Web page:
We now know and understand after the previous article how mobile network operators operates billing and charging systems within its own network. But what if we need to connect to another mobile network operator? What also if that mobile network operator is not in our network but in another network. How does billing and charging work then when we use the network of our rivals? This is Interconnection and it is essential to have an Interconnect firstly at the hardware - network level. Here, though we will be focusing on how OSS/BSS Billing and Charging systems work for Interconnection.
Telecom Mobile Network Operators send and receive calls/SMS from one Mobile Network Operator to another. This activity of sending/receiving data in the form of calls/SMS from one Mobile Network Operator to another is called as Interconnection. The Mobile Network Operators involved in the interconnection need to track the amount of data that gets interchanged between their networks and to that end they need some sort of Billing mechanism working at the OSS/BSS level.
How does Interconnection Help?
- Interconnection enables communications between different Mobile Network Operators and this enables customers to get in touch with people on other networks.
- Interconnection helps enable competitive entry in the communications market for all and this in turn leads to telecommunications access/universal service.
Any new entrant in the Mobile Market place will face a lot of opposition from incumbents and to ensure that the playing field is leveled for all players, the WTO has created some regulations to which all telecom operators need to adhere to. WTO regulations ensure that:
Interconnection needs to be provided with all suppliers under non discriminatory terms, rates and quality no less favorable than those provided for its own services. The procedure applicable for Interconnection (RIO) should be made publicly available.
How Does Interconnection Work?
The first level of Interconnection happens at the network level where switching of networks happens at the MSC - Mobile Switching Center level. These points are also called as the POIs : Points of Interconnect. Next, it enters the Interconnection layer and here the Interconnection Rates are applied as per the Interconnection agreement between the two Mobile Network Operators involved. Finally the processes of Billing and Reconciliation occurs and the accounts are settled.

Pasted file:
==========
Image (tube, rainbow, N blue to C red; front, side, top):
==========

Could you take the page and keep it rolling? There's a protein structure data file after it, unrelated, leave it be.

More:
How Interconnection Rates are calculated?
Interconnection Rates are the rates that the operators need to pay to access network of other operators and these are usually under the purview of the market regulator. The main methods of rating for Interconnections are:
- Percentage of retail rates
This method ensures that the new entrants are provided a level playing field and are assured that they will be able to compete with the incumbents for the market share. But this method hinders the lowering of price and ensures preserves the inefficiencies of the incumbent.
- Fully Allocated Costs
In this method, the total cost of providing service is divided by the volume of the service provided by the operator who is to be charged. This method ensures that the incumbent controls the service and in a way, it also controls the pricing.
- LRIC : Long Run Incremental Costs
The best method amongst these is the LRIC. LRIC calculates the cost of providing an additional unit of service over the long run. Since the analysis is a forward looking analysis, it is the most accurate one and avoids the pitfalls faced by the other two. Newer variants of this approach are being researched and debated upon.
- Bundled and Unbundled Charging
The prices of Interconnection can also be charged bundled or unbundled. Bundled means that irrespective of the use, the operators which avail the facilities from the incumbent will be charged for all the facilities that the incumbent provides. Unbundled means that the new entrant pays only for the services and charges that it uses and nothing but that.
Billing and Reconciliation
At the end of the Billing Period, the Invoices and the Payments that are generated are sent to the respective parties. If for some Mobile Network Operator, its partners need to generate both: Invoice as well as payments before the adjusted amount is generated. Next, the CDRs that are generated at both the Terminating and Originating partner ends are compared. This process is called as Reconciliation.
RIO : Reference Interconnection Offer Compliance
A Reference Interconnection Offer compliance is a document that is present with all the Mobile Network Operators you have an Interconnection with. This document lists all the different charging policies, taxes, revenue etc. that are levied on the various calls. You need to be sure that the Interconnection Billing System that you are buying fulfills all the various requirements listed in the document.
How to choose the right Interconnection Billing solution?
An Interconnection billing solution should in essence replicate all the functions and options that the operators' billing solutions provides to it. This will help it charge and also work best with different Mobile Network Operators. Some of the most important factors that you require in an Interconnection Billing Solution are:
Compliance with charging policies of operators you work
- Peak - Off Peak Rates
- Rate per minute, Rate per second
- Rounding Policies
- Holidays/ Special Days in different regions
- Multiple Currency
- Interface to import data generated to accounting system
- Ability to generate different types of reports
- Method to identify calls should be known and compared in both systems
- Web based view to help create transparency between all stake holders
- Option to allow the partners to download CDRs and compare them
- CDRs and system information needs to be very secure
- Options for correcting the mistakes while rating should be provided